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Republicans fear for their safety as Obamacare protests grow

Source: Politico

By Rachael Bade

At a closed-door meeting, House lawmakers discuss strategies to counter potential violence.

House Republicans during a closed-door meeting Tuesday discussed how to protect themselves and their staffs from protesters storming town halls and offices in opposition to repealing Obamacare, sources in the room told Politico.

House GOP Conference Chairwoman Cathy McMorris Rodgers invited Rep. David Reichert, a former county sheriff, to present lawmakers with protective measures they should have in place. Among the suggestions: having a physical exit strategy at town halls, or a backdoor in congressional offices to slip out of, in case demonstrations turn violent; having local police monitor town halls; replacing any glass office-door entrances with heavy doors and deadbolts; and setting up intercoms to ensure those entering congressional offices are there for appointments, not to cause chaos.

“The message was: One, be careful for security purposes. Watch your back. And two, be receptive. Honor the First Amendment, engage, be friendly, be nice,” said Republican Study Committee Chairman Mark Walker (R-N.C.). “Because it is toxic out there right now. Even some of the guys who have been around here a lot longer than I have, have never seen it to this level.”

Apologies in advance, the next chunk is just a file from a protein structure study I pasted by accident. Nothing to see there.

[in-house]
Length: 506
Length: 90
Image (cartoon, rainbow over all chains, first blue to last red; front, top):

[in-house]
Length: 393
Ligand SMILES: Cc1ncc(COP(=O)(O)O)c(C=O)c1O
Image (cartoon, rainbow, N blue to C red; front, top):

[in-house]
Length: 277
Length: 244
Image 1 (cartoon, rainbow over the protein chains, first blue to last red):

He later added: “For those of us who have children in grade school and that kind of thing, there’s a factor in all of this, saying: How far will the progressive movement go to try to intimidate us?”

The conference discussion comes as Democratic activists around the nation ramp up protests against Republican efforts to repeal Obamacare. Protesters have disrupted town halls and other public events, jeering and yelling at Republicans just as conservatives did to Democrats when they were writing the law eight years ago. Conservative protesters in 2009 and 2010 were accused of spitting on and hurling racial epithets at Democratic lawmakers ahead of their votes to pass Obamacare. Republicans denied the accusations at the time.

Last weekend, conservative Rep. Tom McClintock (R-Calif.) similarly had to be escorted out of a town hall meeting by a half-dozen police officers after the crowd turned angry. And just as Republicans were leaving their conference meeting Tuesday, more than 100 protesters showed up at one of Rep. Martha McSally’s Arizona congressional offices, according to the Arizona Daily Star.